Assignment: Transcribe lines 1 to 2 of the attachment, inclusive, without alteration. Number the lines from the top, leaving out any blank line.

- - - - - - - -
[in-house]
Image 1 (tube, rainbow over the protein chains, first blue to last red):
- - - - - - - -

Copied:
[in-house]
Image 1 (tube, rainbow over the protein chains, first blue to last red):